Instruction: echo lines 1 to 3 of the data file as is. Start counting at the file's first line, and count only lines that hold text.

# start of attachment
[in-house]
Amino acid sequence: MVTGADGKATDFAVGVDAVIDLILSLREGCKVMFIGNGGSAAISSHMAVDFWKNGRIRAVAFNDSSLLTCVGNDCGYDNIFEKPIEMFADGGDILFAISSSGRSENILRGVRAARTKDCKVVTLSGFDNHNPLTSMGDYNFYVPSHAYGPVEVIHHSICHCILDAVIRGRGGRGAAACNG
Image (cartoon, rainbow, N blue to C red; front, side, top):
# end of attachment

[in-house]
Amino acid sequence: MVTGADGKATDFAVGVDAVIDLILSLREGCKVMFIGNGGSAAISSHMAVDFWKNGRIRAVAFNDSSLLTCVGNDCGYDNIFEKPIEMFADGGDILFAISSSGRSENILRGVRAARTKDCKVVTLSGFDNHNPLTSMGDYNFYVPSHAYGPVEVIHHSICHCILDAVIRGRGGRGAAACNG
Image (cartoon, rainbow, N blue to C red; front, side, top):